JUST HOW MUCH DO YOU REALLY KNOW ABOUT HUMPHREY BOGART ?
Hello everybody, Joe Morella and Frank Segers here again, with the photo of another short star.
Today we have a real challenge for you. It revolves around one our favorite personalities and probably one of yours as well. So, here we go.
There is absolutely no question that Humphrey Bogart remains one of the most enduring star names in the Hollywood pantheon – then and now.
Author Stefan Kanfer’s recent book, “Tough Without A Gun: The Life and Extraordinary Afterlife of Humphrey Bogart,” makes the case for Bogie not as just as a legendarily classic movie star but a worldwide cultural icon. Kanfer’s book examines Bogart’s life, and the actor’s amazing surge in popularity since his death more than a half century ago.
Ok, ok, as a longtime classic movie fan – why else would you be reading this blog? – we bet you earnestly believe that you know all about Bogie.
We thought we did until taking a close look at Kanfer’s new book and director John Huston’s memoir of several years ago titled “An Open Book.” After sifting through both we came up with some questions that we believe will put your knowledge of Bogie to a real test.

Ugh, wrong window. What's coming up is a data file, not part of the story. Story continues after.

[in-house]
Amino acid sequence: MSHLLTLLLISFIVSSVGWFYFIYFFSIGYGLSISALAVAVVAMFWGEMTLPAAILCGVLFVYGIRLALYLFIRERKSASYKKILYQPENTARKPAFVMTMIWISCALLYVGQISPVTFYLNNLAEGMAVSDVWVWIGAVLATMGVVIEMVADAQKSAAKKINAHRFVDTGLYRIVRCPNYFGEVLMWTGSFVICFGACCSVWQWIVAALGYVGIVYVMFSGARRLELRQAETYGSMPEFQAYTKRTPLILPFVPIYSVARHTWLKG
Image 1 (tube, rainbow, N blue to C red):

Some of these questions, admittedly, are a bit obscure (on purpose). We can’t make things too easy for you. But as a tried and true Bogie fan, you should be able to come up with at least partial answers to at least some of these questions.
So please don’t be bashful or the slightest bit abashed. Charge in a take a shot at our Bogie quiz.
Here we go.
— Alan Ladd was legendarily short for a Hollywood leading man, but wasn’t Humphrey Bogart even shorter? Exactly how tall was Bogie?
— When he was a preppy, young Broadway stage actor, what’s the line that Bogie became best known for after running onstage?
— Bogart had four wives, all actresses. Can name the last two? Who was the last? (We are being merciful here; you should have no trouble identifying her.)
— What famous actor was originally scheduled to take the costarring Bob Curtin role with Bogie’s Fred C. Dobbs in the “Treasure of the Sierra Madre” but pulled out at the last minute? (The role went, thank goodness, to Tim Holt.) Hint: this famous actor became even more famous in another public arena.
— Who turned down the role of Sam Spade in “The Maltese Falcon”, and then bitterly resented Bogart’s success in the role?
The answers will appear later in the week.
LAST FRIDAY’S PIC: a candid of Betty Grable from the Donald Gordon Collection.